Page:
Spoiler people shouldn't be listening to podcasts
Jeff: Thinks the idea of "spoilers" is dumb but hardly ever spoils a game. I think with Fez he may have been a little enthusiastic, but it's been so long I don't remember.
Patrick: As already mentioned "I don't want to spoil" but does anyway. The line should be "I don't want to spoil anything, so I won't." Not "...but there's this part where [talks around it with varying degrees of vagueness]." He's also famous for "there's a twist."
Brad: Doesn't want anyone to spoil ME3 for him until he plays it himself several months after the game came out. Then it's fine to talk about it.
I play games when they're cheap. Fez was a 360 exclusive and a buggy mess, but I was expected to experience Jeff's fun second-hand as he and the others gradually revealed every neat little thing that game does. I'm waiting for the PC port, dang it!
I'm fully in favor of having spoiler-y discussion at the end of the Bombcast. Spoilercasts are also acceptable.
It doens't usually bother me, but when Patrick hyped the end for Year Walk I got all pumped over nothing...Well, not nothing but the ending was far from as mind blowing as he made it up to be.
Those are the kind of thing that bothers me the most, because when someone tells you something AMAZING!!! is going to happen at some point, I just start looking for it, and when it happens I'm left with a "That's it?" or a "is that it or is something else coming" feeling.
They talk about games on the podcast. If you don't want to get spoiled, stay away. They usually wait a couple months before getting into em, and at some point they can't pussy foot around a game just because you haven't finished it.
I cringe when people consider completely non-spoiler things spoilers. The culture of avoiding all discussion outside of PR videos/stories and considering almost any detail outside of that to be a spoiler is so frustrating to me, and it's one of the several reasons I generally avoid interacting with anyone else who's a fan of video games.
Yes, which is why I eventually made it a policy not to listen the Bombcast if the description says the gang is discussing a game I haven't played yet. There's an argument to be had that if there is a large enough contingent of people who ignore site content because of one crew-member's propensity to talk story in too much depth, that perhaps it serves them best to muzzle that person's contributions. Or maybe the contingent isn't that large. And while I also do not listen to the Bombcast much (more a matter of how much time I have and less for any other reason,) it does seem like Brad is getting a little better.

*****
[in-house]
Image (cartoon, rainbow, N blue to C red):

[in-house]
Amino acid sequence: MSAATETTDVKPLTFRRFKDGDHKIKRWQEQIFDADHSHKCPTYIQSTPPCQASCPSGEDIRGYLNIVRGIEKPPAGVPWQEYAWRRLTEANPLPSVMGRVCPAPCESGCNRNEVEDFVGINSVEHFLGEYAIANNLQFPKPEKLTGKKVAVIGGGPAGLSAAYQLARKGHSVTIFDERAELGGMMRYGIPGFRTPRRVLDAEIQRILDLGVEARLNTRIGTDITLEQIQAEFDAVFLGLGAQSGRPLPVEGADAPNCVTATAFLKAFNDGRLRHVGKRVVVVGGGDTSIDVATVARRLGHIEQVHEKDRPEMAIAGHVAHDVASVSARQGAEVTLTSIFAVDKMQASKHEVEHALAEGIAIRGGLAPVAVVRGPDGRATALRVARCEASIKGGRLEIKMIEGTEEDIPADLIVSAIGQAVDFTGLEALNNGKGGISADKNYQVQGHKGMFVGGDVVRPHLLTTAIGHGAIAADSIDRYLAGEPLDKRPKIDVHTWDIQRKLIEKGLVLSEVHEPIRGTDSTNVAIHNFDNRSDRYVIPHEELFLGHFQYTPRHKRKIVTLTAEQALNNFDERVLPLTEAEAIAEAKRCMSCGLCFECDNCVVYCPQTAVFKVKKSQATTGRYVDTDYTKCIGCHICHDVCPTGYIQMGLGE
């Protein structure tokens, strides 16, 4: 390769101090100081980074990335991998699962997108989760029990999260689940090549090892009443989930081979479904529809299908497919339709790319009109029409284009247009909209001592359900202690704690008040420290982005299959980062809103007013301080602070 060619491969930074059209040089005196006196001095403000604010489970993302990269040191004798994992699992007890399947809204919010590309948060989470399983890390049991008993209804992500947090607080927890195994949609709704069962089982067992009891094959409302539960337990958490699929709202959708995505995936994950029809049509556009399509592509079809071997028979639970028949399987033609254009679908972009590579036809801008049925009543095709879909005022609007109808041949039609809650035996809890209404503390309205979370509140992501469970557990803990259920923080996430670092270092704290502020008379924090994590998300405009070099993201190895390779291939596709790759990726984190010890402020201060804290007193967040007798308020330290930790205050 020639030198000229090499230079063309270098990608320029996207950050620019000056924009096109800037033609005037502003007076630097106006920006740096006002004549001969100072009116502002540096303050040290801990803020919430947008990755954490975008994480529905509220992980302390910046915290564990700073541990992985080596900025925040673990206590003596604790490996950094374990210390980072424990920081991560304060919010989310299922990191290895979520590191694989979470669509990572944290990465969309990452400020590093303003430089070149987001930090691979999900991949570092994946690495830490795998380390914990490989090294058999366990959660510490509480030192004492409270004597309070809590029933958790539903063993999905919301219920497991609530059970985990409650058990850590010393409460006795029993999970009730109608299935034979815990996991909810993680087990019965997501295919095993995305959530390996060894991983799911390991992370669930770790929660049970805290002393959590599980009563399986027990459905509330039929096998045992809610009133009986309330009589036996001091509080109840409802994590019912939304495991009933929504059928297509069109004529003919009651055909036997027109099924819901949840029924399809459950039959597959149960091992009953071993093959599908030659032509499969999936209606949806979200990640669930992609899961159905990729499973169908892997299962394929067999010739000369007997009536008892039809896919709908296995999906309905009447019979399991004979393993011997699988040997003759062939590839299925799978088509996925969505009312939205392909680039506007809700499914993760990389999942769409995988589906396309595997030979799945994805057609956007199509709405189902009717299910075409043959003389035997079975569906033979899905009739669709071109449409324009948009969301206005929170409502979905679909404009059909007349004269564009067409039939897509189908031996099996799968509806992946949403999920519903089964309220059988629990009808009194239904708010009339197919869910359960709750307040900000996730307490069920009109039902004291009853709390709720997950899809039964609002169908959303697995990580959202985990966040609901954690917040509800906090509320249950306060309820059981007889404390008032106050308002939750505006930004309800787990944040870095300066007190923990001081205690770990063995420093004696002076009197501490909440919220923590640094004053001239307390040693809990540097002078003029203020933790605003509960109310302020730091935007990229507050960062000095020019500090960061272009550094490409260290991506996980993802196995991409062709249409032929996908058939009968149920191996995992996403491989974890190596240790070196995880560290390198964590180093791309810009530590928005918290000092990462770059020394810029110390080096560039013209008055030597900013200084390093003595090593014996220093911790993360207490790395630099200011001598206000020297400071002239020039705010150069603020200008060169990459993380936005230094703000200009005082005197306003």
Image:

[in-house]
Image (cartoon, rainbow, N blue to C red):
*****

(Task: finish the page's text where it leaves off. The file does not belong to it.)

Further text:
I don't understand the vitriol, though. It's not like he does this with any malign intent, it's just an extension of his enthusiasm about games. In an odd sort of way it's endearing, his over-exuberance that is.
No, if anything I'd rather more spoiler talk. If the narrative is so shitty anyway (referring to their "Heart of the Swarm" discussion of late), may as well just tell me why. Is Kerrigan the "One" or isn't she? If a game actually has a moment where surprise or a twist of some kind if really important and was genuinely interesting to see play out, then avoid it. Seeing as that is almost never the case, go ahead and talk about the narratives as frankly as you'd like.
I don't expect to be able to play most games, so no, not really. I like to hear about games because I'm really interested in the trends of the technology, but any given year's only guaranteed purchase is the next iteration of NBA 2K. I'd been anticipating The Last of Us since I first saw it, but now that I've seen some of the "infected" enemies and realized Naughty Dog may have inserted some of the stuff I found so annoying about Uncharted (honestly, I'd forgotten that infected plotline even existed before they finally showed them) so now I'm not even sure I'll try to play that.
After getting my hopes up for Heavy Rain and L.A. Noire more than any other game this generation, I feel fairly burned by my expectations of what a game is anymore. They all feel like they're hitting the same beats and notes; color-coordinated environments, general weirdness. I have no doubts in GTAV for whatever reason; probably because I still play Red Dead and I replayed GTA IV before finally cruising through the Episodes from Liberty City last summer without any distaste.
Ultimately, it's fun to be surprised by the story. But I've known the plots to plenty of great, older movies and still enjoyed them just as much (at least, objectively) as the people that recommended them to me; I feel like good games are capable of the same thing, if not more. After all, even games that take their stories "seriously" like, say, Heavy Rain often can be whittled down to paper thin motivations regardless.
There was a study a while back, about movies- after the movie, people who'd had the story spoiled for them ended up enjoying the movie just as much as those who hadn't.
Every time I get to the twist in KotOR 1, I still think it's awesome even though I already know what happens. Part of what makes those moments great is simply how it's put together (dialogue or music or camera), not how much of a surprise it is.